COMMENTARY | And the hits just keep on comin'.
A day after he was scratched from the lineup with stiffness in his surgically repaired left ankle, New York Yankees shortstop Derek Jeter sat out a second consecutive day Wednesday, March 20, and according to The Associated Press, received an anti-inflammatory injection in the troublesome joint.
And what a difference a day makes for general manager Brian Cashman.
After cavalierly dismissing the notion Tuesday that Jeter might not be ready for the opener, Cashman said Wednesday, "Whatever's right for him will be right for us. I'm not saying he's going to be [placed on the disabled list], but I can't tell you it won't be."
The GM also said he doesn't know when Jeter will be able to resume playing in Grapefruit League contests.
Jeter has insisted all winter he will be ready for opening day, but with less than two weeks remaining before the Boston Red Sox come to Yankee Stadium on April 1, the possibility is looming very large that someone other than Jeter will start at shortstop for the first game of the season for the first time since 2001.
Luis Sojo started at shortstop on opening day that season. Jeter returned from a quad strain after missing the first four games, according to NorthJersey.com.
Cashman said Jeter was sent home Wednesday.
"Let the shot take its course and see where he's at over the next few days," Cashman said. "After you get a feel for how he's feeling, then we'll start it up and get him going again. Because of who he is, I can't count anything out. Opening Day is just a date. What's more important is how he feels and be in a position to do what he's capable of doing on a consistent basis."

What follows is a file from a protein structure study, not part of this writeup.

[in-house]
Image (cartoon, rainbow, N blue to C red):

Under ordinary circumstances, there would be no rush for Jeter to return to the lineup. But this spring is far from ordinary.
The Yankees have been absolutely hammered already by injuries this season. Outfielder Curtis Granderson, first baseman Mark Teixeira and third baseman Alex Rodriguez are already slated to open the season on the disabled list.
Of those three, Granderson is likely to be the first to return; he is projected to be back in early May after breaking his arm. Teixeira may be out until June with a wrist injury suffered during preparation for the World Baseball Classic, and Rodriguez won't be back until the All-Star break, at the earliest, after January surgery on his hip.
There's not a franchise in baseball that could survive for long with four All-Stars on the DL. Add the injuries to the Yankees' sudden bout of fiscal responsibility and what fans have is the all-too-likely possibility of opening a season with aging Kevin Youkilis at third base, defensive disaster Eduardo Nunez at shortstop and journeyman Juan Rivera at first base.
It's enough to make second baseman Robinson Cano, fresh off MVP honors in the World Baseball Classic, glance around his infield and wonder, "Who the heck are these guys?"
And after an unprecedented run of success that includes 17 postseason appearances in the last 18 years, it's enough to make fans seriously wonder whether the proverbial other shoe isn't lurking right over their heads.
Phil Watson is a freelance journalist and commentator currently based in upper Michigan.
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- Brian Cashman
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